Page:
Marcia and Phil Junior 1940In 1940, Marcia and Phil adopted a child, to be named Phil Junior, known in the family as “Tookie”. Unfortunately, this did not normalise the marriage – it failed soon after. In divorce, Marcia complained that he stayed out too late and that they spent too little time together – those matters he had joked about some years before had become the issues that undermined the marriage.

Above Marcia Ralston with Phil Junior,Sydney Morning Herald,” 27 Feb 1940. Via National Library of Australia’s Trove.

She continued to work, but the roles were less and less significant, perhaps W.C.Fields’ Never Give a Sucker an Even Break is the most intriguing today. She also had extended work in the 1941 Universal spy serial Sea Raiders. Two years later Constance Worth waded through the very similar plot of G-Men versus the Black Dragon for Republic Pictures. These did nothing for either women’s careers.

Above: Screen grabs from her last films: In a minor role as an Air Stewardess in Never Give a Sucker an Even Break (1941) with W.C. Fields, in fleeting roles in Paris Calling, (1941) and in Out of the Blue (1947). These films are still commercially available today. Author’s Collection.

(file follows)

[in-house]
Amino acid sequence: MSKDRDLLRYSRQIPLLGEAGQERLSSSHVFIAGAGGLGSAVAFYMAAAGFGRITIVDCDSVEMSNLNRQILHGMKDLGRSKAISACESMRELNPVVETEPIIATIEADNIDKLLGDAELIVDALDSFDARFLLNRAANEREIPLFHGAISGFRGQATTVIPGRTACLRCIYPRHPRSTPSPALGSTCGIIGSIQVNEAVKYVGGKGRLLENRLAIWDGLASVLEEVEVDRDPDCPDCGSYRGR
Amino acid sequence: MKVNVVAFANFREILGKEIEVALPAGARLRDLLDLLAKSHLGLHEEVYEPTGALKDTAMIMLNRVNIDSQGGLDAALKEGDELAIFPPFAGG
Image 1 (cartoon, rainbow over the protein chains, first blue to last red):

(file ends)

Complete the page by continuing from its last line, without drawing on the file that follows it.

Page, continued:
Marcia in 1954

Her last film role appears to have been a small part in the screwball comedy Out of the Blue, in 1947, which newspapers claimed, she had come out of retirement to make.

It is reassuring to this writer to find that at least some of the Australians who travelled to act on screen in the US before the Second World War eventually found some normalcy in their lives. Marcia Ralston appears to have done so.

In 1954, Marcia married John “Bud” Henderson, who was an executive with the Santa Fe Railroad. By this time, she had also established herself as an instructor for Arthur Murray Dance studios, pursuing a passion she had enjoyed since her youth. The grainy photo at left from the California “Desert News”, 8 Feb 1954, shows her with dance partner Claud Sims, with a beaming smile and still looking every inch the movie star.

Good fortune had also connected Marcia to actor Robert Young, who had married John Henderson’s sister Betty, in 1933. This connection led to a small occasional role in the very popular Marcus Welby M.D, a TV series that ran for six years.

Marcia Ralston died at Rancho Mirage, an area of southern California, in 1988. She had no family left in Australia, both Australian sisters having pre-deceased her. She was fondly remembered by those who knew her in the US. Reportedly, her ashes were scattered at sea.

 

Nick Murphy
January 2020

 

Further Reading

Online

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  • Frank Van Straten (2003 ) Tivoli. Thomas C. Lothian, South Melbourne.
  • Terry Rowan (2016) Motion Pictures From the Fabulous 1940’s. Terry Rowan
  • Scott Wilson (2016) Resting Places: The Burial Sites of More Than 14,000 Famous Persons.  Third Edition. McFarland and Co.